Chefs Want You To Eat Small Fish. Here's How To Do It.

03/25/2015 10:15 am ET | Updated Mar 25, 2015

Last week, a group of world-renowned chefs got together in Spain to discuss an incredibly important environmental issue: The overfishing of our oceans. Their solution? Eat small fish.

Around the globe, industrial fishing poses a serious threat to large fish like tuna and swordfish. Some scientists believe that if practices continue as is, the large fish population could become all but non-existent within 50 years. Numbers have already diminished significantly. A 2013 study showed that Pacific bluefin tuna, for example, has seen a population decline of 96 percent from unfished levels.

Addressing this pressing problem doesn't have to feel like a sacrifice, as chefs such as Ferran Adria and Grant Achatz suggested at the summit, which was organized by ocean advocacy group Oceana. Eating small fish, or "forage fish," like anchovies, sardines, herring and mackerel, will not only help curb the overfishing of popular large fish, but it can be totally delicious.

Many people simply haven't had enough exposure to these kinds of small fish, and what exposure they may have had might be misleading. Anchovies and sardines are potent, to be sure, but their bad rap isn't fair. They can pack a serious umami punch and bring a wonderful, rich quality to your dishes. If you aren't accustomed to or a fan of their strong flavor, you could start by using small quantities or by using anchovy paste, which has been called "a secret ingredient in the cook's arsenal."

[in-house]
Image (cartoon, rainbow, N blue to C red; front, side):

From there, expand your horizons. Once you start experimenting with these tiny but powerful fish, you'll totally see why all these famous chefs are encouraging you to go small. The chefs at last week's summit are not only calling on others to eat more foraged fish; they're agreeing to lead by example and serve more anchovies and the like in their restaurants. They're also committed to training other chefs and developing easy recipes for home cooks. Check out the 22 recipes below to discover how small fish are "as good for the planet as for the plate."

Want to read more from HuffPost Taste? Follow us on Twitter, Facebook, Pinterest and Tumblr.

Also on HuffPost:

Seafood Recipes For Beginners
Suggest a correction